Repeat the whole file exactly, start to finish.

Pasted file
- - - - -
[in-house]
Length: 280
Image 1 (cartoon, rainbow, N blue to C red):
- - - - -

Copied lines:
[in-house]
Length: 280
Image 1 (cartoon, rainbow, N blue to C red):